Let me stress how important boundaries are. You might not think they’re that important, especially if you’ve been putting up with certain behaviors while you were single. But boundaries are going to be essential to your spouse. Boundaries give reassurance. They also create intimacy.
When you don’t have boundaries, the ex can easily sow discord. It makes your spouse worry and wonder why you’re afraid to take a stand for your marriage, and if the past is really in the past. Unfortunately, there are exes out there that will do everything they can to find cracks in your new marriage and sabotage it. Put down the boundaries early on so this doesn’t happen. Stand together. Stand firm. You’d be surprised how many emails I get from women whose husband’s ex-wives are wreaking havoc in their marriage.
If you’re the spouse with the difficult ex, make sure you’re including your new spouse in on everything that’s going on. Keeping secrets when dealing with a former relationship is just going to bring up worry, doubt, and trust issues. Being up front from the beginning can eliminate these problems.
If you’re the spouse who is watching your husband/wife deal with a difficult ex, be patient and remember the two of you are a team. It’s sometimes difficult to imagine that your husband/wife could’ve picked both you and the ex from the same planet, especially if the ex is really difficult or drama-prone.
It’s very easy to let satan wedge his way in by using that ex to cause problems in your marriage. Remember, satan hates marriage. He’ll do whatever he can to destroy it. The two of you have to do what’s best for your marriage and your family. The ex is an adult. They can handle their own problems, choices, and drama without dragging you down the rabbit hole.
Scott wrote a great blog post on The Toxic Ex-Spouse you can check out.
Outside of having a set schedule, the only way that you can allow their drama to enter your life is if you let them. This is why it’s extremely important to have legal custody decrees and everything in writing. Hot button topics such as more child support are easily dictated by each state with a formula based on income. Even if you get along great with an ex, I still recommend having set terms in writing and filed with the court. There could be a day when the ex isn’t so friendly and it’s a lot harder to negotiate terms at that point. Protect yourself and your family.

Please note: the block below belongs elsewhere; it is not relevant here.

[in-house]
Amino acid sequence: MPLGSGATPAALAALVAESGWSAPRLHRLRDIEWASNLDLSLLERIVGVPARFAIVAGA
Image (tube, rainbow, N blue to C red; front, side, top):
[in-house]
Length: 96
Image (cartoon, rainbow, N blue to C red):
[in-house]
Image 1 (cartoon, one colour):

6.) Schedules get crazy!
This we know from experience. When Scott and I got married I had four kids and he had three. Now we have seven. Five of which live under roof since they’re minors. There are days when Scott and I are crazy outnumbered. We really have to communicate and have good calendars to make sure everyone gets everywhere they’re supposed to be. It’s challenging and insane. But we have fun doing it, and I think we’ve got it down to a pretty good science.
At least until school starts again and we have to remember what we were doing.
And look, I’ll be honest, if WE can make schedules work, anyone can make schedules work. Because of book deadlines, speaking engagements, book signings, and our publishing company, my husband and I work an insane amount of hours a week (usually in the middle of the night while the kids are sleeping), and we travel around 100 days of the year (for work).
We schedule all of it around the kids’ custody schedules, though sometimes we do have to make adjustments to the schedule with the other parents. But it works. Because we put in the time to make it work. You can do it! I promise!
We took our very first trip this year without laptops for an actual vacation and we both survived!
7.) You Will Love Your Spouse’s Children
It’s hard to imagine loving any children like you love your own. But it will happen. If you’re putting your priorities in the right order (God, marriage, children), it will happen. You’ll worry about their futures, you’ll hug them when they’re hurt or just need a snuggle, you’ll hold them to the same expectations as your biological children, and you’ll also discipline them the same way. It might not happen overnight, but it will happen.
“Behold, children are a heritage from the Lord, the fruit of the womb a reward. Like arrows in the hand of a warrior are the children of one’s youth. Blessed is the man who fills his quiver with them! He shall not be put to shame when he speaks with his enemies in the gate.” Psalm 127:3-5
We all make mistakes as parents. But if Christ is the center of your marriage, and you and your spouse make your marriage a priority, your children are going to benefit. Even with divorce in your past, it’s possible to start building a Godly legacy by the blending of your families.